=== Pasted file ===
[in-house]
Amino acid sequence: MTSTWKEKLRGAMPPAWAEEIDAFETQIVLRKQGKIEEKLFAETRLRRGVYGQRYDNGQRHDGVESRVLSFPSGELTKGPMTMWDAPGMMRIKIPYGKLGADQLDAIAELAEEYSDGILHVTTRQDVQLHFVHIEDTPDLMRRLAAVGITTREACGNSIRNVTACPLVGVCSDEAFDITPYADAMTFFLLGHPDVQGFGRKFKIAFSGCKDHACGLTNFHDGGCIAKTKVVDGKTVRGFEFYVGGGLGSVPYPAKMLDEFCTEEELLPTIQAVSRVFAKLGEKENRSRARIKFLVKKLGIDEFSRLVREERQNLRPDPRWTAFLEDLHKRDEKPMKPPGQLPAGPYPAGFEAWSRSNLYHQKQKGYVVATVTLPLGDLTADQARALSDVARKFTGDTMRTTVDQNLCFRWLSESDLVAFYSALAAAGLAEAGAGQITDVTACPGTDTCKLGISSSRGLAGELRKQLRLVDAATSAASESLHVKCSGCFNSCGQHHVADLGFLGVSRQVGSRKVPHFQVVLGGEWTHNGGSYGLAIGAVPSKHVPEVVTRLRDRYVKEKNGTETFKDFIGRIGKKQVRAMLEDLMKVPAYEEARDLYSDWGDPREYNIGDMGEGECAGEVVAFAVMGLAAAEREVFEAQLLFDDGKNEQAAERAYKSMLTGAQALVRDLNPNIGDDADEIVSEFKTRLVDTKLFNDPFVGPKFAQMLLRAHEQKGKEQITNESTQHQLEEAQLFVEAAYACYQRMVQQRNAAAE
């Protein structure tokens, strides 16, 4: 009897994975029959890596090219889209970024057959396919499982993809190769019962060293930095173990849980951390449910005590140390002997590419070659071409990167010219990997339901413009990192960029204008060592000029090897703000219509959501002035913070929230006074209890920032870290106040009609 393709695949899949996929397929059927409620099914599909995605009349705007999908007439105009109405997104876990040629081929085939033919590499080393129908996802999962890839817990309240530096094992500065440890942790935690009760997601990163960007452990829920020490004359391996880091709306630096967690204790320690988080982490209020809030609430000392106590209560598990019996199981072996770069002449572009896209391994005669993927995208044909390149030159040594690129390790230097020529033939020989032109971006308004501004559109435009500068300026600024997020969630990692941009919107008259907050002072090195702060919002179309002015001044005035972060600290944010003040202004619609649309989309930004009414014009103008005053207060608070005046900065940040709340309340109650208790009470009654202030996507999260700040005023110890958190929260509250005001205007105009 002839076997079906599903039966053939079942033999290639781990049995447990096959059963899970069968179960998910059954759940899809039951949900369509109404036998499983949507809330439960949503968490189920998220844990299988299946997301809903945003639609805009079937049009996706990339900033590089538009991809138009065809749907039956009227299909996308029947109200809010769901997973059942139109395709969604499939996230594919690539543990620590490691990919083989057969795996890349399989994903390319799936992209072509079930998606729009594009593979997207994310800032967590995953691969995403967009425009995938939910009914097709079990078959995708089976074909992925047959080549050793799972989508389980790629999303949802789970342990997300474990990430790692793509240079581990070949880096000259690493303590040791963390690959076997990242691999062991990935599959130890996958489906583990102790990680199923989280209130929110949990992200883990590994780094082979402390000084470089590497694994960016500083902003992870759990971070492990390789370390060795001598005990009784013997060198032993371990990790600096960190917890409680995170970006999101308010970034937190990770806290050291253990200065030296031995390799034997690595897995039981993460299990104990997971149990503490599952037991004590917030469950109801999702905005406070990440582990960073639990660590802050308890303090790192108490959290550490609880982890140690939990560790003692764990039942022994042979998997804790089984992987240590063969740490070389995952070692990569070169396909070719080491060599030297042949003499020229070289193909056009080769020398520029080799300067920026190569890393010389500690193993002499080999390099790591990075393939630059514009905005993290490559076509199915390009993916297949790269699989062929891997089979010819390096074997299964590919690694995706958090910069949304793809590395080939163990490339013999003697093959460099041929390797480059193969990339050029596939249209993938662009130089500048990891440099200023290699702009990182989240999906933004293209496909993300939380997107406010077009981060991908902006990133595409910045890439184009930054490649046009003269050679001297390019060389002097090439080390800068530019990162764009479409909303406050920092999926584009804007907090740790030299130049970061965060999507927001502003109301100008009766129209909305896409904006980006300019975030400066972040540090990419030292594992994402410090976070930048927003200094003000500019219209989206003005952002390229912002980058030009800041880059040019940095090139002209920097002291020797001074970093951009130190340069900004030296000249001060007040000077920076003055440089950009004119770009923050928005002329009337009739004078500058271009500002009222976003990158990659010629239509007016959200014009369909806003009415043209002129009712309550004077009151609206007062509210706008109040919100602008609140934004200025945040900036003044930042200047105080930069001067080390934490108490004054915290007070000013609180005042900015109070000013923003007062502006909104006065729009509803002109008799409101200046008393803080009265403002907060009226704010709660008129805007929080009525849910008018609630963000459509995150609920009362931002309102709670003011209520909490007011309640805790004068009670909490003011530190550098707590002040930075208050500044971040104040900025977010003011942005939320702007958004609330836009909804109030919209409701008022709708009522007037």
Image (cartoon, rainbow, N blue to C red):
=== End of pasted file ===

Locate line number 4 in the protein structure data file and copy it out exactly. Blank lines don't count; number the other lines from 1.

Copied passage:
Image (cartoon, rainbow, N blue to C red):